Welsh heads fear their pupils may be marginalised following this week's Tomlinson report, which sets out the biggest reforms of English secondary education for more than half a century.
They are concerned that the proposed reforms could widen the gap between the school-leaving qualifications achieved by Welsh and English pupils and make it difficult for Welsh pupils to study at universities in England.
Brian Lightman, head of St Cyres comprehensive, Vale of Glamorgan, said:
"We have the same university system. My fear is that if England goes in one direction and Wales goes in another, university entrance will be difficult for Welsh pupils."
Anna Brychan, director of the National Association of Headteachers in Wales, agreed.
"Pupils in Wales still want to go to English universities," she said. "If the qualifications develop differently, we need to ensure that they are on a par with each other, and that Welsh qualifications are understood and valued in the same way as those in England."
But Mr Lightman, whose school is piloting the new Welsh Baccalaureate, said he welcomed some similarities between the two systems.
"We're both looking at breadth of curriculum and extended pieces of work," he said. "The pilot has informed the direction Tomlinson has gone in, focusing on communication and basic skills."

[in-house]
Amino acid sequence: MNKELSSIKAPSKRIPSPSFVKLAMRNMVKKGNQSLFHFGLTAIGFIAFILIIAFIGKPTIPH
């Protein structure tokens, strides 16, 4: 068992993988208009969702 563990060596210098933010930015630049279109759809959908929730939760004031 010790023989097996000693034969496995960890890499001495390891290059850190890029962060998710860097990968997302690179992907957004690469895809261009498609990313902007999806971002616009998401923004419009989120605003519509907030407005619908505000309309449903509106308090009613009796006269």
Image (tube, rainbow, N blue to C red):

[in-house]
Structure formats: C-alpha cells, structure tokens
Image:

The 207-page Tomlinson report, which follows a 20-month Government inquiry, proposes a four-level diploma embracing all secondary qualifications, in which pupils would be assessed mainly by teachers until they reached advanced level.
Vocational qualifications would be improved and absorbed in the new structure and all pupils would have to pass courses in basic literacy, numeracy and computer skills. More "stretching" courses would also be provided for the most able pupils.
Teacher assessment is seen by the inquiry group, led by Mike Tomlinson, the former chief inspector of schools, as crucial to the success of the reforms.
The Welsh Assembly government has welcomed the report and said it reflects many of the developments that have already taken place in Wales. An Assembly spokesman said: "In many respects we are already ahead of the game. There are many parallels to our Welsh Baccalaureate pilot. We are sure there will be a lot we can learn from future development in England, and that England will be able to learn from what we have already done."
He added that the flexibility of the Welsh Bac would allow it to accommodate any revisions stemming from the Tomlinson report.
Gareth Pierce, chief executive of the Welsh Joint Education Committee exam board, said Welsh pupils would not be hindered by developments in England.
"We expect government teams and awarding bodies will look at comparability, so people can still flow between the two systems and into higher education and employment," he said Certain radical aspects of the report could be rejected by Westminster.
Some ministers appear to be unwilling to back proposed changes to GCSEs that would mean most youngsters taking few external tests until they were 18.
Bodies including the General Teaching Council for England, universities, private schools and teachers' leaders have backed the teacher-assessment plan, but Education Secretary Charles Clarke said: "Assessment must and will continue at all levels on the basis of rigorous, trusted and externally marked examinations. A rigorous external assessment regime at 16 is crucial."
Some proposals, such as the replacement of coursework by cross-curricular research that enables pupils to bypass AS courses and vocational-course improvements, will get ministers' backing.